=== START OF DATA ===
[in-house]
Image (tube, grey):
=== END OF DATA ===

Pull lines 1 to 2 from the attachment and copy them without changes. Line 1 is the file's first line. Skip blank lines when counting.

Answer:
[in-house]
Image (tube, grey):